Even before the Covid-19 pandemic, EU debate was in full flow on the future for food, farming and land use, centred around four challenges: climate change, biodiversity loss, impacts of inappropriate diets on human health and on the structure and functioning of the food system. To date, the Green Deal has raised the right issues and it clearly flags the first three of those challenges (climate, biodiversity, and health). However, it shows insufficient recognition of the marginal economics of much primary production and its weak position in the food chain.
There is a danger of an unhelpful rush towards proposing specific agricultural production measures and targets (for pesticides, fertilisers, antibiotics, organic farming environmentally favoured area per farm, and protected areas), before there is agreement on the overall strategies for food, farming and rural land use to meet the four challenges.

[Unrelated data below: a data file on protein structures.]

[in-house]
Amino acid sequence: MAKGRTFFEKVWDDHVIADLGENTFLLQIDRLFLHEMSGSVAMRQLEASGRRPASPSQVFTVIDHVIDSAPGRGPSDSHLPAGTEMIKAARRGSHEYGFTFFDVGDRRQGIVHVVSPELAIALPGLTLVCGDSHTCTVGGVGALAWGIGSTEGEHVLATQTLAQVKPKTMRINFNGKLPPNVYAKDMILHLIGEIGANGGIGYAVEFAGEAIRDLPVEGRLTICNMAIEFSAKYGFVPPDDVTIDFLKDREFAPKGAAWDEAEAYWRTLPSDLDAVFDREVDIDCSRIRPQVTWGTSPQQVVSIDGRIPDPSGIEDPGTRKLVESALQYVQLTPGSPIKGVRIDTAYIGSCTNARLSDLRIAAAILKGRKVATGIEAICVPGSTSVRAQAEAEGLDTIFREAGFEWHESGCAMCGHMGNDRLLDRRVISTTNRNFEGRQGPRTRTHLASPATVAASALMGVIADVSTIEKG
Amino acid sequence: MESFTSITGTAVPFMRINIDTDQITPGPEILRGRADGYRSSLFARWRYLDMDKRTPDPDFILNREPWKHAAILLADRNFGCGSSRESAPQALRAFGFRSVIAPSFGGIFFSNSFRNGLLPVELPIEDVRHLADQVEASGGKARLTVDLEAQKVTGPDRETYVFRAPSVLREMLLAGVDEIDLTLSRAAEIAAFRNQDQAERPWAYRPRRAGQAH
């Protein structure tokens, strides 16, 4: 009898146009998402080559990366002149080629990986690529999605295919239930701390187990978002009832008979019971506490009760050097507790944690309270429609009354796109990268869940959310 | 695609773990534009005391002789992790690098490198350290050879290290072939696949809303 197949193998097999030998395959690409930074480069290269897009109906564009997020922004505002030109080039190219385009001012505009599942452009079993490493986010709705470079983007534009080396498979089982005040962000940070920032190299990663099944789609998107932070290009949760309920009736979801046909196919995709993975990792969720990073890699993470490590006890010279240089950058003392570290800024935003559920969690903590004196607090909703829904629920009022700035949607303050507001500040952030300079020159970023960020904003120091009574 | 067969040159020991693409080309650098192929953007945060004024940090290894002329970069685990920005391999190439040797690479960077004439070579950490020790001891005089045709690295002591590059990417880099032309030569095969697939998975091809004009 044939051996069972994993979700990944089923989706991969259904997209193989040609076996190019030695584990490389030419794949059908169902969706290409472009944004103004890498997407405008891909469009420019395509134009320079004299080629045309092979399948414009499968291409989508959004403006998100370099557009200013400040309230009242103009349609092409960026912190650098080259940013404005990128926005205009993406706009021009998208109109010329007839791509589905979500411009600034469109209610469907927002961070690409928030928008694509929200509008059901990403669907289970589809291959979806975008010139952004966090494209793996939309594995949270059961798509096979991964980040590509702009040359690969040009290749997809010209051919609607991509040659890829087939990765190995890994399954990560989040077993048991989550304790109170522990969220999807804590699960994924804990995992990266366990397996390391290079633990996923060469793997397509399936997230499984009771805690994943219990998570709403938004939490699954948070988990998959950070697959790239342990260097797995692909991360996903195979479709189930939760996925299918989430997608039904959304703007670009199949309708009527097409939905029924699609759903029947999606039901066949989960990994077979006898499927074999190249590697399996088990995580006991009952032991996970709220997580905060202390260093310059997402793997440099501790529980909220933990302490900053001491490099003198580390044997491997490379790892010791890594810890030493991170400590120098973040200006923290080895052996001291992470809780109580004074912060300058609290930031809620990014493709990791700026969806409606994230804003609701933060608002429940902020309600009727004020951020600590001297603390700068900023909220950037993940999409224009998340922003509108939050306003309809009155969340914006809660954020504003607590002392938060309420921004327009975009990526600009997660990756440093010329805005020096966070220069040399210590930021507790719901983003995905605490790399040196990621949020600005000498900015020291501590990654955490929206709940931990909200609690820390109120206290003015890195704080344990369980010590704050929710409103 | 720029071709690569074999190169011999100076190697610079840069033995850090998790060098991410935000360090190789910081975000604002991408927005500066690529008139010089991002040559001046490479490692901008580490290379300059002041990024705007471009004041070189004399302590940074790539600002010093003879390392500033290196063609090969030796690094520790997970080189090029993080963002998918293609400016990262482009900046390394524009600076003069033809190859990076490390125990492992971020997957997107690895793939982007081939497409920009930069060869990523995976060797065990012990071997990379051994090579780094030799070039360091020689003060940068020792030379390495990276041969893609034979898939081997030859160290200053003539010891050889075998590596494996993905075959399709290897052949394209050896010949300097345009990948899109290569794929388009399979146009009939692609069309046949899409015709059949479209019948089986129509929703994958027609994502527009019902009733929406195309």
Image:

The stated Green Deal strategy for the food system is to de-intensify agriculture, but there is no underlying analysis of the economics and market effects of this strategy. Nor is it spelled out that it should be a high food price regime, indeed this is part of the mechanism to secure changes in food consumption. Consequential changes in social welfare and trade policy to ensure affordability, and that environmental externalities are not exported are also missing. It is also a surprising given the prominence of the climate issue that the food strategy is not integrated with the forest strategy: if we are to plant more trees can we also de-intensify agricultural production?
Thierry de l’Escaille, Secretary General of the ELO said: “Land managers are prepared to support a new vision for the food system and land use, but we need reassurance that the conditions for them to have viable businesses are respected”. How this is to be done and how it will be paid for from an appropriate CAP budget, from other public and private sources and from consumers must be properly explained. A range of policies in addition to the CAP will have to be brought to bear coherently.